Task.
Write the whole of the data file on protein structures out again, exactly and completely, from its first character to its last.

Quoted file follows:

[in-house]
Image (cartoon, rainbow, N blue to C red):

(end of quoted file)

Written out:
[in-house]
Image (cartoon, rainbow, N blue to C red):